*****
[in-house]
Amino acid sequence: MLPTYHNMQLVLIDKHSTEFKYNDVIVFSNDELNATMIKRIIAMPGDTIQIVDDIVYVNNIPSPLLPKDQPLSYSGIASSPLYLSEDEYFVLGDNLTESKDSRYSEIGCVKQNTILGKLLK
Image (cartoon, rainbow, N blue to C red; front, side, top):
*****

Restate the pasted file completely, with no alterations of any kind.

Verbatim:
[in-house]
Amino acid sequence: MLPTYHNMQLVLIDKHSTEFKYNDVIVFSNDELNATMIKRIIAMPGDTIQIVDDIVYVNNIPSPLLPKDQPLSYSGIASSPLYLSEDEYFVLGDNLTESKDSRYSEIGCVKQNTILGKLLK
Image (cartoon, rainbow, N blue to C red; front, side, top):